People like to pretend”
That will come as a relief to contestants about to square up with her as the host of Mastermind, the highbrow quiz show soon to relaunch on SBS.
It will be Byrne’s first TV gig since leaving the ABC in 2017. “I planned my exit for some time because I have a real principle you shouldn’t stay anywhere for more than seven or eight years.”
She gave special dispensation to her beloved book club, staying for just over a decade. Then, Byrne says, there came a point where “I felt like I’d done the job I came to do” – which was proving an audience exists for a show about literature. If she nurses any disappointment towards the ABC, it’s that they haven’t followed through on a promise to launch a new book-focused program to fill the gap.
When SBS called, Byrne was coming to the end of a self-imposed gap year. “I wasn’t looking for a job or thinking about what I was going to do next,” she says. “But it seemed like the universe
gotconspired to invent the one job offer that could blindside me – it was so perfect and out of the blue.”
As a longtime fan of the show’s format, it was – for want of a different phrase – a no-brainer. “To be really honest, I don’t think I was ever going to say no.” (The one trick for the first female host in the Australian version’s 41-year history would be deciding whether to go with the traditional title of quizmaster – ultimately a yes since, as she admits, “quizmistress sounds faintly perverse”.)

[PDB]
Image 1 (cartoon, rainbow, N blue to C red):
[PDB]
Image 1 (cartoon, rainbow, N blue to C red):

Denton was in full support of his wife’s return to the screen. “He rolled around laughing and said, ‘You’ve to take it,’” she says, putting paid to any suspicion that working in the same field must be a source of friction between husband and wife. “The simple answer is no. Whatever issues we have, like any couple, they’re not connected to that.” If there’s any shop talk, she says, it’s shared strategising about what to do next.
The pair took a similarly collaborative approach to parenting son Connor, now in his early 20s. “When my boy was young, I was still doing Foreign Correspondent, Andrew was at home. But when he started Enough Rope, he said, ‘We need to talk about your job…’” As she explains, in those years for working mothers, “the issue was not about having it all. The fight was between the women who worked and the women who didn’t – the Mummy Wars. It was a time of great female conflict. Really, it’s so different now. Women have much more solidarity.”
Despite the advances being made by women in media, ageism remains an entrenched problem for those who, especially in television, can expect to be benched after turning 50.
“I didn’t get that note,” says Byrne squarely. “It hasn’t been my experience –